Google has tightened the noose around bulk email. But should you be worried?
Google’s latest guidelines on bulk emailing was read by many as a deathknell on ‘cold email’ as we know it.
Some of the leading B2B outbound experts freaked out when Google announced the amends that will come into effect from February 2024.
The reaction is understandable. Because bulk emailing is by far the cheapest customer acquisition tactic in the outbound playbook out there.
For many B2B businesses cold email remains to be the cornerstone of their outbound strategy.
But it soon became evident that the doomsday judgements passed by many experts were borne out of fear, confusion and hasty reading of the announcement by Google.
Here, we have tried to clear the air of the confusion and tell you how you can streer clear from the policy changes if bulk emailing is part of your outbound strategy.
For starters, if your business relies on sending more than 5,000 emails daily to Gmail accounts, you will definitely need a mass overhaul of your cold emailing strategies.
Overview of Google’s Policy Updates and the Problems They May Impose
Google has updated its policies to crack down on emails that violate its guidelines. This means that if your emails fall under the naughty list of Google’s policies, they could end up in the dreaded spam folder, buried under a mountain of dubious offers and questionable promises.
Problem #1: Email Authentication via SPF, DKIM, and DMARC
Starting February 2024, Google will mandate senders to authenticate outgoing emails. This measure is aimed at protecting recipients from malicious messages and preventing impersonation. It involves setting up email authentication methods such as SPF, DKIM, and DMARC for your domain.
SPF prevents unauthorized messages by specifying permitted senders, DKIM verifies the message’s sender, and DMARC provides instructions for handling unauthenticated messages.
For businesses using email service providers, it’s crucial to ensure that these providers authenticate the domain’s email with SPF and DKIM. This layer of authentication not only fortifies your email communication against phishing attempts but also enhances deliverability by reducing the likelihood of messages being marked as spam.
Problem #2: Infrastructure Configuration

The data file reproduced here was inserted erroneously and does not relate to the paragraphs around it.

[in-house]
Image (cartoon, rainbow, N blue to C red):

The new policy update also points out the importance of a secure infrastructure configuration. Your sending IP address must have a PTR record, verifying the association of the sending hostname with the IP address.
Valid reverse DNS records for sending server IP addresses are important as they ensure the hostname aligns with the IP address. Shared IP addresses demand extra vigilance, as the reputation of a shared IP can affect all senders using it.
Problem #3: Maintaining a Positive Sender Reputation
Maintaining a positive sender reputation involves ethical and responsible practices. Businesses should only send emails to those who genuinely want them, as this prevents spam reports that can tarnish their domain’s reputation.
There are a few steps that may be essential to consider here, such as making the subscription process transparent and user-friendly to allow recipients to easily opt in and out. Implementing a one-click unsubscribe mechanism for marketing and subscribed messages with over 5,000 daily sends will also be important, as it can likely increase recipient trust and compliance.
Dissecting the New Policy: Is This the End of Cold Email?
One thing is for sure: marketers and sales reps must now navigate the ever-changing landscape of cold email and find creative ways to connect with potential customers. The days of mass blasting generic emails may be numbered, but fear not, for there are always new strategies to explore.
What Thought Leaders Are Saying
In a series of tweets, Ajay Goel – the founder of GMass for Gmail – clarified that essentially, there’s nothing to worry about for most B2B companies utilizing cold email marketing on a day to day basis.
Mr. Goel very neatly pointed out how one sentence from the guidelines on the new policy, which have been updated ever since they were first published, indicate that the new update applies to personal Gmail accounts – i.e. accounts that end with gmail.com or googlemail.com.
Excerpt from Google’s recently published guidelines on the new policy update:
Is There Really Anything to Worry About?
The short answer is no.
Hypothetically speaking, let’s say your company relies on cold email outreach on a daily basis and your mailing list includes thousands of personal Gmail accounts.